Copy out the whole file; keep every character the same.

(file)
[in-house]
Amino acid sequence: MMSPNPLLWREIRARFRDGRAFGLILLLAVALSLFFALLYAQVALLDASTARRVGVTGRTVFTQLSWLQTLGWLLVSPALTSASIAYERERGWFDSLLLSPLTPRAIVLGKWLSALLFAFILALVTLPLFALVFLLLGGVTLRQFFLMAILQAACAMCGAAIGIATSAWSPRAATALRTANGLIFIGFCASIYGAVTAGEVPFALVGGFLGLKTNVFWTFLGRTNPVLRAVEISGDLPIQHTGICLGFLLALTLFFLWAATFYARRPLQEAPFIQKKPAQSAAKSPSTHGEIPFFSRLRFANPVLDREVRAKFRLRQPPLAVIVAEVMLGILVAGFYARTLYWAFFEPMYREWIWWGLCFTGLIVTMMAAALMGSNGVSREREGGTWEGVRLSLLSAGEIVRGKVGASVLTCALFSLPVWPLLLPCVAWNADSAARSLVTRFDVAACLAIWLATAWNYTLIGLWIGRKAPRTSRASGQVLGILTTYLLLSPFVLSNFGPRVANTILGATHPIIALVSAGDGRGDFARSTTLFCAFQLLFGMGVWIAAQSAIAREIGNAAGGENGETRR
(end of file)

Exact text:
[in-house]
Amino acid sequence: MMSPNPLLWREIRARFRDGRAFGLILLLAVALSLFFALLYAQVALLDASTARRVGVTGRTVFTQLSWLQTLGWLLVSPALTSASIAYERERGWFDSLLLSPLTPRAIVLGKWLSALLFAFILALVTLPLFALVFLLLGGVTLRQFFLMAILQAACAMCGAAIGIATSAWSPRAATALRTANGLIFIGFCASIYGAVTAGEVPFALVGGFLGLKTNVFWTFLGRTNPVLRAVEISGDLPIQHTGICLGFLLALTLFFLWAATFYARRPLQEAPFIQKKPAQSAAKSPSTHGEIPFFSRLRFANPVLDREVRAKFRLRQPPLAVIVAEVMLGILVAGFYARTLYWAFFEPMYREWIWWGLCFTGLIVTMMAAALMGSNGVSREREGGTWEGVRLSLLSAGEIVRGKVGASVLTCALFSLPVWPLLLPCVAWNADSAARSLVTRFDVAACLAIWLATAWNYTLIGLWIGRKAPRTSRASGQVLGILTTYLLLSPFVLSNFGPRVANTILGATHPIIALVSAGDGRGDFARSTTLFCAFQLLFGMGVWIAAQSAIAREIGNAAGGENGETRR